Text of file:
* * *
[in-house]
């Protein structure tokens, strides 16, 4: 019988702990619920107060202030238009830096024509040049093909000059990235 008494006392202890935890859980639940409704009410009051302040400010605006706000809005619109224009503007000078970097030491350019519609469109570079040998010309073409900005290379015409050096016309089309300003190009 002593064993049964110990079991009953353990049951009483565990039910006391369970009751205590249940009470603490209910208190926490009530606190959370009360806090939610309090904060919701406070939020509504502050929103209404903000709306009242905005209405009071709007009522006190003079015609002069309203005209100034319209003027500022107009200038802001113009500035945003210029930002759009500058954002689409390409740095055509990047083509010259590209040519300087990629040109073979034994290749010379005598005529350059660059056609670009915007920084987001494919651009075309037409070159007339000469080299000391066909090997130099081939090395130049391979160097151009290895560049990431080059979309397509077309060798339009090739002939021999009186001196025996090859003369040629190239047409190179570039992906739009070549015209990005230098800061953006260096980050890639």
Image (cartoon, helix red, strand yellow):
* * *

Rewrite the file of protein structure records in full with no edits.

[in-house]
């Protein structure tokens, strides 16, 4: 019988702990619920107060202030238009830096024509040049093909000059990235 008494006392202890935890859980639940409704009410009051302040400010605006706000809005619109224009503007000078970097030491350019519609469109570079040998010309073409900005290379015409050096016309089309300003190009 002593064993049964110990079991009953353990049951009483565990039910006391369970009751205590249940009470603490209910208190926490009530606190959370009360806090939610309090904060919701406070939020509504502050929103209404903000709306009242905005209405009071709007009522006190003079015609002069309203005209100034319209003027500022107009200038802001113009500035945003210029930002759009500058954002689409390409740095055509990047083509010259590209040519300087990629040109073979034994290749010379005598005529350059660059056609670009915007920084987001494919651009075309037409070159007339000469080299000391066909090997130099081939090395130049391979160097151009290895560049990431080059979309397509077309060798339009090739002939021999009186001196025996090859003369040629190239047409190179570039992906739009070549015209990005230098800061953006260096980050890639």
Image (cartoon, helix red, strand yellow):